Already approved by the state Senate, the “Madison Holleran Suicide Prevention Act” requires colleges to provide 24/7 suicide prevention assistance from trained mental health professionals.
“The right intervention can be a life-saver for young people who feel stuck in a dark place with no way out,” said Assembly Scott Rumana (Bergen, Passaic, Morris, Essex).
“It is crucial to have trained professionals available to identify at-risk students and provide communication to help them cope with their challenges, feelings and anxiety," Rumana said. "The loss of any promising young life to suicide is a tragedy beyond words, and these devastating cases are far too prevalent in our colleges and universities.”
Suicide is the second leading cause of death on college campuses, claiming more lives than all medical illnesses combined.
The bill was championed by Holleran’s family, along with Ed Monica – one of her former teachers -- and local suicide prevention advocate Pam Philipp, who called the legislation “a wonderful tribute to a young woman gone too soon.”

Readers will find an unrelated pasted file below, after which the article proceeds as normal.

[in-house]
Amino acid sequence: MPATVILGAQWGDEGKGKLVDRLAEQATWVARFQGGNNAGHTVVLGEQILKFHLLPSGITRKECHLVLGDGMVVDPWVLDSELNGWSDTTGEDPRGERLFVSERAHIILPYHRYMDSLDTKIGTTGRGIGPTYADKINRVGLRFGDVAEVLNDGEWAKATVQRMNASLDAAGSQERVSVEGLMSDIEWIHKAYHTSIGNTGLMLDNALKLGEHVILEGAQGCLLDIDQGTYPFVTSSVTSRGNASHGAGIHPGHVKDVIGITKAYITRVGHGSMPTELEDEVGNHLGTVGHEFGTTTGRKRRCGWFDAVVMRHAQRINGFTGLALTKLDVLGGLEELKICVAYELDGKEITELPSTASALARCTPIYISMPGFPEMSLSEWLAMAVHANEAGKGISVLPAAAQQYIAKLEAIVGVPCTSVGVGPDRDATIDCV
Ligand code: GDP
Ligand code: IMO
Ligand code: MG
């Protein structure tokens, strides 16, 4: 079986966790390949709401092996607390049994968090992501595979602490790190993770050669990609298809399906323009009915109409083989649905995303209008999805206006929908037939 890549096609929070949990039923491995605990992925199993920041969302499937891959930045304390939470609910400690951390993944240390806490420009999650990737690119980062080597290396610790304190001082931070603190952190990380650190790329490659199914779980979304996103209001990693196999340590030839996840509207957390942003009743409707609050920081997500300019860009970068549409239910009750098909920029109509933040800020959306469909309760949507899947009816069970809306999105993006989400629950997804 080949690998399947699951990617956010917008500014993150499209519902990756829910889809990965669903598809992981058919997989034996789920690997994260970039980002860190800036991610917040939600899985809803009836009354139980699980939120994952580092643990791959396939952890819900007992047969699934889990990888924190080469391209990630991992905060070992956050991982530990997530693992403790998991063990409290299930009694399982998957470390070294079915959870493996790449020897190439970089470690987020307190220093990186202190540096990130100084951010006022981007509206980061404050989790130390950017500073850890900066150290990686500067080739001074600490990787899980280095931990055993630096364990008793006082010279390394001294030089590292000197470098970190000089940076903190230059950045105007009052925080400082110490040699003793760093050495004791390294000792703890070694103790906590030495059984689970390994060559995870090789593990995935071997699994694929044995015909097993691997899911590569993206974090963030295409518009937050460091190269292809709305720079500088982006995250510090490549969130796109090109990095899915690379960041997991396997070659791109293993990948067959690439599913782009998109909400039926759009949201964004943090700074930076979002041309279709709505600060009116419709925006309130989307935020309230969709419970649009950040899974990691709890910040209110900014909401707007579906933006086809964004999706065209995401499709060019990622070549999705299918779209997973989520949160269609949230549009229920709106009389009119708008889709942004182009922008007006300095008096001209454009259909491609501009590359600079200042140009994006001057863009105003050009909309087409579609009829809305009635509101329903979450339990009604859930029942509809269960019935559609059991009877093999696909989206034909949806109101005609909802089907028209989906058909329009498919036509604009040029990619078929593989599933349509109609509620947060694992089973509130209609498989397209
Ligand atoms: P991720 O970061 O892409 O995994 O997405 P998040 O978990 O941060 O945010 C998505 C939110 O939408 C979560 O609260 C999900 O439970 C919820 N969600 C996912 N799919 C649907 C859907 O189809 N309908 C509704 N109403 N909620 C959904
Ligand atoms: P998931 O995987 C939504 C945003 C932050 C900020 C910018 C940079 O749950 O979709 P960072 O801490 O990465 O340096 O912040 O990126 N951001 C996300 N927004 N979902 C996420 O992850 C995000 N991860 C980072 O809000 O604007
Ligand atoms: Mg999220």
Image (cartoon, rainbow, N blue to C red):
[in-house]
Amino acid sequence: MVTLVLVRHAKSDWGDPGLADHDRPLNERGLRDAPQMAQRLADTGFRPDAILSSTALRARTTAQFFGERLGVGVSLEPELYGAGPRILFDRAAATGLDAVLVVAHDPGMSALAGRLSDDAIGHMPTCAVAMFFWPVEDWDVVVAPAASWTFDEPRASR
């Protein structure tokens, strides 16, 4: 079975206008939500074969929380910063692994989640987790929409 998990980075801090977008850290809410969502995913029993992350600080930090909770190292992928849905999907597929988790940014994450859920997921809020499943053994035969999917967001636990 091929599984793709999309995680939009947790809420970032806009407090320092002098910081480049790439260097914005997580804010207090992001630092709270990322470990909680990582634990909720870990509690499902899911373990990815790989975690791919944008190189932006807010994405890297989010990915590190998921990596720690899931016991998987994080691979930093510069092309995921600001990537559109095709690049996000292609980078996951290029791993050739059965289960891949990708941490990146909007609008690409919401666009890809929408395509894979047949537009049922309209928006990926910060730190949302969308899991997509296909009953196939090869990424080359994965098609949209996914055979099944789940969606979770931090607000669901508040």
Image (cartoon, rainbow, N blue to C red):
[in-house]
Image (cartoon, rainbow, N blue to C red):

“College can be a tough and challenging time for young men and women. If through this legislation we’re able to save the life of one college student, then we have honored Madison’s memory,” Monica said.
Madison, a 19-year-old Northern Highlands Regional High School track standout, was battling depression while attending the University of Pennsylvania — where she double majored and ran track — when she leaped to her death from the top of a parking garage in Philadelphia’s Center City on Jan. 17, 2014.
A companion bill, the “Madison Holleran Proper Reporting Act,” requires colleges to document on their website information concerning the total number of students enrolled in the institution who committed suicide or attempted suicide in the previous academic year. That measure was still pending.
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